Friday, December 1, 2017

Realistic Expectations, and some tips

Technology that we like can tend to go away.

It's just how it works. Most technology resources have an element of planned obsolescence. I wanted to write about this because with the launch of iOS 11 this fall, many in our field discovered that a good number of their apps no longer worked, i.e. they wouldn't launch.

Why did this happen? 
Apple introduced a higher level 64-bit processor to its devices in 2013 and at that time began encouraging developers to update apps that were built for the 32-bit processor. That was 4 years ago. So Apple gave developers plenty of time to work on securing a longer life for their apps. With iOS 10, users began receiving messages when launching old apps that an update would be needed and the app would not work with future versions of iOS. That line was drawn with iOS 11, and something like 180,000 apps (mostly games, followed by education apps, see source) ceased to launch once the device was updated to the newest version of iOS.

Another why, which I can say from being involved in app development, is that creating technology is very difficult and complicated, and these creations are not intended to last forever. Kudos to Smarty Ears for keeping all their apps, including the five I worked on, up to date. I have had to mourn many web resources over the years and I knew the day would come for some apps to buy the farm as well. Let's pour one out for the original Toontastic, now replaced by Toontastic 3D, which I also like but perhaps not as much, and Tellagami, for now.

I could not find a reference indicating how long tech consumers should expect resources to work--hardware or software. But I'd say it's reasonable for us to expect about 3-5 years, even if we paid for that resource.

Things happen. People move on. So should we. Should we expect a company that floundered so much that they were sold and reabsorbed, or just went away, to update its apps? These things are unfortunate and disappointing, but it is what it is!

What can you do?
First of all, if you haven't updated to iOS 11 yet, I recommended previously that you do so carefully.
-Check first to see if there are apps you absolutely can't live without, or whose data you need to extract somehow. Settings>General>About>Applications. If apps you need are listed in the "No Updates Available" section, take note of these.

The App Compatibility/Sadness screen

-Contact developers, if you want to go that route, to see if there is going to be an update. Probably if they are still in that bin, it's unlikely.
-If there are a lot of apps on this screen that you can't live without, wait awhile...but only until you figure out how to replace them in your workflow.

Let go. If you hang back on your operating system too long, you are going to be missing out on updates to other apps and new releases.

BUT, once you update, unfortunately those non-functional 32-bit apps are not deleted and just take up space on your device like an annoying shell. I had the additional problem of my iPad being nearly full after updating. After deleting a lot of items like old video clips and photos, here's the process I followed:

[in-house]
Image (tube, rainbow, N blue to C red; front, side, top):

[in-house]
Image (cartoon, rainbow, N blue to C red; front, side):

-I navigated to the above screen (Settings>About>Applications) and took a photo on my phone of the apps at top of the list.
-I considered if there were any apps I wanted to wait a bit more on, and kept those in mind.
-I navigated to the easiest place to delete apps, Settings>General>iPad Storage

The App Storage Screen- Tap any app to Delete it. You can also find the icon on the home screen, tap-hold until it jiggles, then tap the X. Apps are hard to find this way, if you have many apps.

-This screen takes a moment to index, but lists all apps on the device. Most of your stragglers are probably going to be down at the bottom of the list as in my observation the non-updaters are smaller apps that performed discrete functions. Scroll down and tap on any app and it will bring you to a screen where you can tap Delete App. WAIT for Settings to kick you back to the storage screen rather than tapping Back or you are likely to cause a freeze.
-If Settings freezes anyway in this process, wait awhile or Force Quit it.
-I referred to my photo and deleted apps that I could let go of (most)
-Then I navigated back to the No Updates Available screen and repeated the process, after deleting the previous photo from my iPhone and taking a new one, until I only had a few apps I'm holding out for. Remember that if a deleted app is updated in the future (you'd have to check the App Store to find out if it reappeared), you always can reinstall.

This process was, frankly, a major pain in the ass. But having gone through it, I am happy to have a cleaner device and to have purged dozens of apps that I really wasn't using anyway. As I have 2 iPads, following this I backed up the "clean" one to iTunes, updated the 2nd one to iOS 11, then reset it and restored it from the backup of the clean iPad.

Moving on!

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